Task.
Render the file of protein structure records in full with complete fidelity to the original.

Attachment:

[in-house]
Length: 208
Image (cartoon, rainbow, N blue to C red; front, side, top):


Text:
[in-house]
Length: 208
Image (cartoon, rainbow, N blue to C red; front, side, top):